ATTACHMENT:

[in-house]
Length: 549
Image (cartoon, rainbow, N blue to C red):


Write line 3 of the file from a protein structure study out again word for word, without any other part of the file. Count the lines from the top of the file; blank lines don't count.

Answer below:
Image (cartoon, rainbow, N blue to C red):